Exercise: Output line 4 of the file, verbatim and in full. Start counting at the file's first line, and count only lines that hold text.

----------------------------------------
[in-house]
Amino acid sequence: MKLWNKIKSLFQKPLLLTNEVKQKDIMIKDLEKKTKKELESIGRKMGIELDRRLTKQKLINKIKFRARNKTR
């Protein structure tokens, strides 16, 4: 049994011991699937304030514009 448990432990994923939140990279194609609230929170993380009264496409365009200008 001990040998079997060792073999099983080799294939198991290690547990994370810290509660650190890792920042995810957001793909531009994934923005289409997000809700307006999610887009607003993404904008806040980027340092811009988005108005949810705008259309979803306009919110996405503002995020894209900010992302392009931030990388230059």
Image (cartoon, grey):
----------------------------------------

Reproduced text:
Image (cartoon, grey):